After the way Barr was treated on Capitol Hill, it may even be personal for him. And maybe that’s good. They came after him personally for his handling of the Mueller Report, so it makes sense that he’d want to be publicly exonerated by a full investigation of the FBI.’

        Oh, and once you appoint a special prosecutor, somebody is almost certainly going to jail. Every special prosecutor comes under intense scrutiny by one of the parties and typically demonized. No special prosecutor wants to suffer that kind of demonetization and spend all that tax payer money without producing a scalp to show for it.

        1. At the very least, it put bureaucrats on notice that Americans will not fall for a coup that easily.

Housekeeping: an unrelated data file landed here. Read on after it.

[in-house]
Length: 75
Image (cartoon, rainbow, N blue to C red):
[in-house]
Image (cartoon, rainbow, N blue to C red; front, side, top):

Hopefully it deters bureaucrats from trying that shit in the future…or they might just up their game.

    2. Comey made big news over the weekend, and everyone ignored it.

      In justifying his actions vis-a-vis using “informants” to infiltrate the Trump campaign, he said that having people infiltrate presidential campaigns is done all the time.

      And nobody noticed.

      The press took it as “well, see! No big deal! They do it all the time!” But what they should have said is “Holy crap! You were doing this all the time? Did you have people inside the Sanders campaign? Clinton? What about Mitt Romney’s campaign??? ”

      Instead the reaction was “See? You MAGA idiots are delusional…. they have surveillance on all the presidential campaigns. It is totally normal…”

      1. Bill Clinton is a literal rapist and nobody cares. You think spying will cause an issue?

        1. Nobody cares:

          Obama, whose administration prosecuted and spied on reporters, claims Trump is very bad for criticizing newsrooms